www.theskydive.org

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A History of Irritated Material (London)

A History of Irritated Material

25 February – 2 May 2010

Raven Row
56 Artillery Lane
London E1 7LS
T +44 (0)20 7377 4300
info@ravenrow.org

 

‘A History of Irritated Material’ includes Group Material, Inspection Medical Hermeneutics, Sture Johannesson, Ad Reinhardt, and Lygia Clark, from Object to Event, produced by Suely Rolnik. Activist films from Disobedience, an ongoing video archive will also be shown.

The exhibition samples art’s relation to politics and the archive, using examples from each decade since the Second World War. The archive of the New York artists’ collective Group Material has been made available for the very first time to record four of their radical exhibitions from the eighties and early nineties. Sture Johannesson’s Cannabis Gallery from Malmö in the sixties will be revived, and the exhibition will also include two installations by Inspection Medical Hermeneutics (a collective from Moscow of the ‘Glasnost’ years), as well as both the abstract and graphic political work of Ad Reinhardt. Significantly, Raven Row has commissioned the translation of part of Suely Rolnik’s compendious research on Lygia Clark, Lygia Clark, from Object to Event, which documents the otherwise invisible culmination of Clark’s life-art project. Sections of this video archive will be shown for the first time in English.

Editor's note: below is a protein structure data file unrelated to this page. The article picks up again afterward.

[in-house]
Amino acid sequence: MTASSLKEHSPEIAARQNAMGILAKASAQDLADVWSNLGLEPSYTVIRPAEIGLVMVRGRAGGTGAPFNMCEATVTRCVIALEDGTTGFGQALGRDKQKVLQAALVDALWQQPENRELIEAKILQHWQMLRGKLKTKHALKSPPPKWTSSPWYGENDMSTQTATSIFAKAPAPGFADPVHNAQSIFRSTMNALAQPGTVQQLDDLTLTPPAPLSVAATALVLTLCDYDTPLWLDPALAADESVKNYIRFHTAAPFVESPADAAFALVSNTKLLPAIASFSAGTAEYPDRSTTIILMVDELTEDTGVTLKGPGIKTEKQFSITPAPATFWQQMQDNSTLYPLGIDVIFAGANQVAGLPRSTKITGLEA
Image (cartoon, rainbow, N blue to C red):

Alongside these positions, a selection of activist films from Disobedience, an ongoing video archive, will be shown within a structure designed by Xabier Salaberría, and political films made by collectives in the UK from the seventies and eighties will be screened and discussed in a programme of events during the course of the exhibition.

Usually an archive draws its value from being placed in chronological relation with a past event. What, then, characterises these archives, with their unruly documents that are more concerned with activation in the present? The positions in this exhibition are borderline or subterranean, sitting at the edge of art history, or at the boundary of art proper. The title of the exhibition refers to the charged relationship plotted here between art and psychological and social reality. Art that criticises and confronts problems in the social world, but is also sceptical towards itself, can appear anxious and volatile as well as positively critical.

The exhibition is designed by John Morgan studio, Gorka Eizagirre and Xabier Salaberría, and curated by Lars Bang Larsen, with Petra Bauer, Dan Kidner, Alex Sainsbury, and Marco Scotini.